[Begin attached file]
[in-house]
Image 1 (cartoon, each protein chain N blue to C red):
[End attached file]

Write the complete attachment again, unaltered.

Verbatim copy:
[in-house]
Image 1 (cartoon, each protein chain N blue to C red):